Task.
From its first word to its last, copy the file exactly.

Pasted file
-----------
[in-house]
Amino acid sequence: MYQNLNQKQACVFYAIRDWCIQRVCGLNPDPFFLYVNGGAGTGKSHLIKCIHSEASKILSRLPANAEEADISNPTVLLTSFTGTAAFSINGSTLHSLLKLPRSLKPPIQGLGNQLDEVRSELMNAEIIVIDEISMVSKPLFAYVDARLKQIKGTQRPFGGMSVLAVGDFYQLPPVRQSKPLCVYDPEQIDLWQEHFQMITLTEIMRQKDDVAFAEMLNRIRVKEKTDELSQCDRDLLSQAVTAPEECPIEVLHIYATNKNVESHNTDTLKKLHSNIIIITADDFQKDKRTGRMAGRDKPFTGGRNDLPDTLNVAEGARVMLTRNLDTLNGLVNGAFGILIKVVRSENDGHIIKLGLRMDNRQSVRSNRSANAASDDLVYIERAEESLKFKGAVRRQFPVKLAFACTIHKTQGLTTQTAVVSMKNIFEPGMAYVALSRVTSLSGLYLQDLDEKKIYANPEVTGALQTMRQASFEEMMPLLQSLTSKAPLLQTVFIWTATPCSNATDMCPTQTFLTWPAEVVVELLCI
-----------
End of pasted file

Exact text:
[in-house]
Amino acid sequence: MYQNLNQKQACVFYAIRDWCIQRVCGLNPDPFFLYVNGGAGTGKSHLIKCIHSEASKILSRLPANAEEADISNPTVLLTSFTGTAAFSINGSTLHSLLKLPRSLKPPIQGLGNQLDEVRSELMNAEIIVIDEISMVSKPLFAYVDARLKQIKGTQRPFGGMSVLAVGDFYQLPPVRQSKPLCVYDPEQIDLWQEHFQMITLTEIMRQKDDVAFAEMLNRIRVKEKTDELSQCDRDLLSQAVTAPEECPIEVLHIYATNKNVESHNTDTLKKLHSNIIIITADDFQKDKRTGRMAGRDKPFTGGRNDLPDTLNVAEGARVMLTRNLDTLNGLVNGAFGILIKVVRSENDGHIIKLGLRMDNRQSVRSNRSANAASDDLVYIERAEESLKFKGAVRRQFPVKLAFACTIHKTQGLTTQTAVVSMKNIFEPGMAYVALSRVTSLSGLYLQDLDEKKIYANPEVTGALQTMRQASFEEMMPLLQSLTSKAPLLQTVFIWTATPCSNATDMCPTQTFLTWPAEVVVELLCI